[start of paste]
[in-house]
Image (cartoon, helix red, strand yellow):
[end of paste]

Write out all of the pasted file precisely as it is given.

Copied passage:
[in-house]
Image (cartoon, helix red, strand yellow):